The Healthcare Incident Command System (HICS) helps healthcare organizations plan for and respond to incidents or disruptions to patient care in their facilities. These events might come in the form of extreme weather, a utility failure or damage to structures within the hospital. In other situations, like the COVID-19 pandemic, organizations might choose to have a standing incident command team.
The HICS is a structured approach designed to help leadership oversee operations, medical care and facilities during incidents. To provide valuable advice to the incident commander, it is important for healthcare facility managers to understand the HICS and their role in it.
Spotlight on training
Before joining the incident command team, healthcare facility managers should begin to collect information and seek training opportunities to prepare for an event. One recommended practice is to seek out the organization’s emergency manager, who is a valuable resource in explaining certain risks to the hospital and overall response plans. This step gives a facility manager a general understanding of the way the hospital might operate in a crisis.
Another resource for managers is the first-responder services within the hospital or campus, such as a police or fire department. Consulting with those chiefs enables the facility manager to understand operations and the way the facilities department can support them in case of emergency.
Training also is a critical consideration for facility managers. The Federal Emergency Management Agency (FEMA) provides free training. The courses are available online, and the more advanced courses can be completed in person. The following FEMA courses are recommended for facilities managers and engineers who have a role in the HICS:
- IS-00700.a National Incident Command System
- IS-00800.b National Response Framework, an Introduction
- IS-00100.c Introduction to the Incident Command System, ICS-100 for Federal Workers.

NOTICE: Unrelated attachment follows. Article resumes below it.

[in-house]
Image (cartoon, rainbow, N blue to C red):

Within the HICS, facility managers fall under operations and act as the infrastructure branch chief. Their primary responsibilities focus on the safety and maintenance of lighting, buildings, grounds and the built environment. The branch chief must keep the head of operations abreast of utility outages, as well as progress of various projects required by the emergency. The infrastructure branch chief must be aware of utility redundancies and provide the operations chief with structural evaluation as needed.
Consider the importance of the infrastructure branch chief by looking at the temporary screening and treatment facilities established during COVID-19. At the Coatesville, Pennsylvania, Veterans Affairs Medical Center, screening points and vaccination sites required determinations related to temporary and permanent structures, as well as space allocation and course-of-action comparison. Also, various aspects of HVAC systems became important with a respiratory virus such as COVID-19.
The infrastructure branch chief might consult directly with the incident commander. For example, when determining the layout, cost and utilities for a temporary drive-through vaccination site, I was required to brief the incident commander daily on courses of action.
The facility manager also can be the chief of operations. One example of this instance is if the incident is related to construction activities. At our facility, we activated the HICS for a critical crane lift. This process included evacuating the building and involved multiple parties, including police, fire, engineering, safety and leadership.
Lifting a temporary elevator into place required closing roads and shutting down various utilities. In this case, I recommended the activation of the physical emergency operations center for tracking and communication. During the operation, I reported progress on the lift to the incident commander, who communicated to the entire campus.
Use the experts
Various units that report to the infrastructure director align with the engineering trades: HVAC, grounds, water and electrical. An effective facility manager has a working knowledge of all these areas, but to support the infrastructure branch chief, having a team of experts in these areas to consult with is essential for success.
If the facility manager has in-house engineering shops, these are the perfect candidates for subject matter experts. This relationship also allows front-line technicians to provide input to facility-wide activities. If required, the facility manager can reach out to consultants or contractors for additional expertise.
The facility manager is a primary subject matter expert when it comes to HICS and a multidisciplinary player who provides critical advice to the incident commander. The most recent pandemic proves their importance when considering temporary structures, HVAC and overall space planning. A shrewd facility manager also can recommend activation of the emergency operations center for critical construction activities. Since facility managers are knowledgeable on all aspects of the hospital itself, they are critical players in the HICS.
Anthony S. Caruso, P.E., PMP, is the chief engineer at the U.S. Department of Veterans Affairs Medical Center in Coatesville, Pennsylvania. He is a degreed civil engineer and a U.S. Army veteran.